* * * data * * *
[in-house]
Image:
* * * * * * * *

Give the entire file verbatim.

[in-house]
Image: